Just over a week after we arrived back, it seemed more and more likely that the UK was going to go into lockdown as well, and we had our first gig cancellation. The first one felt like an enormous blow! To make up for the lack of a work, we decided to put on a live streamed performance on the night of the cancelled gig. We got in touch with Matt and Phred’s Jazz Club in Manchester, and they agreed to host us for the night. The plan was to stream the gig online via our social media and to welcome donations to help cover the lost work. The gig was a massive success and we actually received enough donations to cover the fee of the gig that had cancelled, which totally blew us away. It was our first ever experience playing to nobody (minus a few staff on hand to film and help out) but we had lots of interaction online which made it a lot of fun. You can still watch the gig here.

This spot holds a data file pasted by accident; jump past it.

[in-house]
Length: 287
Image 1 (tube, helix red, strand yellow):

Since then, things have changed a lot. As the person in charge of the private bookings for Back Chat Brass I had an incredibly busy few months helping clients postpone the bookings they had with us, which included many weddings and parties. I found myself applying to every fund/grant available to try and bring some money in, and we desperately tried to think of any way of continuing to work.
I will admit that at first, I did go into full panic mode! As the sole earner for the our family (we have two young girls who were aged two and one at the time), I felt a responsibility to find some way to earn, but it felt helpless as every avenue seemed to be closing and the options felt very limited.
'I decided to stop focusing on what I couldn’t do, and start focusing on what I could.'